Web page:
Monday, November 1, 2010

Really, really Artur for AG

I made the mistake of watching t.v. in bed last night.  (How I Met Your Mother is on at all hours these days, so even though I have the series on DVD, I can't turn off the t.v. if a good episode is on.)  As a result, I saw commercial after commercial in the Kansas Attorney General race.  Now, as I've already told you, I have no intention of voting for either of these smarmy politicians.  But if I hadn't already been decided on Artur for A.G., I'm fairly certain last night's commercials would have persuaded me not to vote for either of them.

This election seems to be all about which of the two of them is the real prosecutor, the guy who has been a personal injury lawyer and judge or the guy who has been in the state senate for 10 years. 

Steve Six (trial lawyer/judge) says he is the real prosecutor because he has prosecuted two (2!) trials himself, both of which will he was AG.  I wasn't in the courtroom for either of those trials, but I have been told by those who were that his inexperience at trying criminal cases showed.  There have also been rumors that he has actively sought out cases he could take over from county attorney's offices so that he could get more experience prior to election season. 

Then there's Derek Schmidt (Senator) who insists he is the real prosecutor because he has personally prosecuted over fifty (50!) violent criminals (Domestic batterers!  Those who assault law enforcement officers!) himself just this very year.  Ooh, that sounds impressive.  Except his prosecutorial experience comes as a small town city prosecutor where he practices entirely in municipal court.  That's not even "real" court.  He's probably handling 3 or 4 "trials" in one evening session and who knows how many of those even involve opposing counsel.  The folks facing battery and assault charges in municipal court aren't exactly the sort of violent criminals his commercial might lead voters to believe.  Violent felonies aren't tried in municipal court.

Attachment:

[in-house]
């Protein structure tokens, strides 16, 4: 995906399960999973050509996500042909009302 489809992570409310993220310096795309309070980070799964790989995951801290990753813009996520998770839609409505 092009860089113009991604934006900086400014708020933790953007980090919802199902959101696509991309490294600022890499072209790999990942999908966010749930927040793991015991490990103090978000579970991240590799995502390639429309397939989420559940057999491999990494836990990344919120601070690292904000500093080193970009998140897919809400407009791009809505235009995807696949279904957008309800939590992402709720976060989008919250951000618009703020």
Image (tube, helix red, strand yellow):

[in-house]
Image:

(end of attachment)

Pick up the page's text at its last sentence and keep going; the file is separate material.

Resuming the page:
So I don't think either of them are really all that great on prosecutorial experience.  But my bigger question is, so what?  Does the Attorney General himself really need to be in the courtroom, trying felonies?  Or should he perhaps leave that to the experienced prosecutors on his staff so he can do his actual job of administering the entire agency?  I personally opt for choice 2.  I don't expect my Attorney General to spend his time in a courtroom, focusing only on criminal cases.  The AG's office does not just handle criminal prosecutions, but also oversees consumer protection and all sorts of civil matters.  It is essentially the state's law firm.  The AG's office would actually  represent me were I to be sued.  The Attorney General's office handles a wide variety of legal matters and only steps in to criminal cases when individual counties ask for assistance or have a conflict.  The AG should be a lawyer well-versed in many areas of law so he can oversee the entire office, but should fill each department with attorneys who specialize in that area of law.  So, no, I don't expect the actual Attorney General to prosecute cases personally; I expect him to set policy and supervise the people who actually prosecute.  Evidently, though, I'm in the minority because prosecuting big, bad scary violent criminals is all these two want to talk about.  No wonder I don't want to vote for either of them: they don't even understand the job they're running for.

Fortunately, this will all be over tomorrow and I can go back to being sold sneakers and soda and fast food while I watch my late night sitcoms.  And maybe over the next 4 years I can at least get some entertainment value out of watching Mr. "I prosecute violent criminals in municipal court" take over a capital murder case in big kid court.

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